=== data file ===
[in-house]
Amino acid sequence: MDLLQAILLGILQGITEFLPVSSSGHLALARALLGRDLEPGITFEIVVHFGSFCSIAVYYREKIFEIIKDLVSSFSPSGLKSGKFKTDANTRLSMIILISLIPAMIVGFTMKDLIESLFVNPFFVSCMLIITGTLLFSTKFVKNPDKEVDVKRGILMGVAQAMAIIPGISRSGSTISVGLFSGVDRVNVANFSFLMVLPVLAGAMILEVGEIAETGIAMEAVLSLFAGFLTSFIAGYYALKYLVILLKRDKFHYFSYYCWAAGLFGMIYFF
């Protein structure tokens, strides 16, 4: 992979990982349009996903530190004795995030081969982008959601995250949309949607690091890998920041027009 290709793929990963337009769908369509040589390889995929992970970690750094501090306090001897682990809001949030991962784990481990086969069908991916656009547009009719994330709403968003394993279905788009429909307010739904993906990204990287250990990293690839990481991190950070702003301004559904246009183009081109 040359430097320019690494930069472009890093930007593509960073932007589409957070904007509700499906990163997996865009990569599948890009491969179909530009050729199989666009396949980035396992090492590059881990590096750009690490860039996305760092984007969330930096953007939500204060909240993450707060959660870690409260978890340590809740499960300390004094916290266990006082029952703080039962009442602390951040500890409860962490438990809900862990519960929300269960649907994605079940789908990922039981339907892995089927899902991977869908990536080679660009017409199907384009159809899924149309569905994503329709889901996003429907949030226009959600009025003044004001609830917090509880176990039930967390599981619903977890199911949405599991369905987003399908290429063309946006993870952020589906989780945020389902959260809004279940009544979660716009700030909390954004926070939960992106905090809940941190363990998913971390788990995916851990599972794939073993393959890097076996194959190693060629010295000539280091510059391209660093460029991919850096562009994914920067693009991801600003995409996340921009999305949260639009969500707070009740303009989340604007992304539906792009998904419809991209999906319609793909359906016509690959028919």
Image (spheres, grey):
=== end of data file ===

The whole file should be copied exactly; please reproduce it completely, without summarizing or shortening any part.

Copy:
[in-house]
Amino acid sequence: MDLLQAILLGILQGITEFLPVSSSGHLALARALLGRDLEPGITFEIVVHFGSFCSIAVYYREKIFEIIKDLVSSFSPSGLKSGKFKTDANTRLSMIILISLIPAMIVGFTMKDLIESLFVNPFFVSCMLIITGTLLFSTKFVKNPDKEVDVKRGILMGVAQAMAIIPGISRSGSTISVGLFSGVDRVNVANFSFLMVLPVLAGAMILEVGEIAETGIAMEAVLSLFAGFLTSFIAGYYALKYLVILLKRDKFHYFSYYCWAAGLFGMIYFF
């Protein structure tokens, strides 16, 4: 992979990982349009996903530190004795995030081969982008959601995250949309949607690091890998920041027009 290709793929990963337009769908369509040589390889995929992970970690750094501090306090001897682990809001949030991962784990481990086969069908991916656009547009009719994330709403968003394993279905788009429909307010739904993906990204990287250990990293690839990481991190950070702003301004559904246009183009081109 040359430097320019690494930069472009890093930007593509960073932007589409957070904007509700499906990163997996865009990569599948890009491969179909530009050729199989666009396949980035396992090492590059881990590096750009690490860039996305760092984007969330930096953007939500204060909240993450707060959660870690409260978890340590809740499960300390004094916290266990006082029952703080039962009442602390951040500890409860962490438990809900862990519960929300269960649907994605079940789908990922039981339907892995089927899902991977869908990536080679660009017409199907384009159809899924149309569905994503329709889901996003429907949030226009959600009025003044004001609830917090509880176990039930967390599981619903977890199911949405599991369905987003399908290429063309946006993870952020589906989780945020389902959260809004279940009544979660716009700030909390954004926070939960992106905090809940941190363990998913971390788990995916851990599972794939073993393959890097076996194959190693060629010295000539280091510059391209660093460029991919850096562009994914920067693009991801600003995409996340921009999305949260639009969500707070009740303009989340604007992304539906792009998904419809991209999906319609793909359906016509690959028919």
Image (spheres, grey):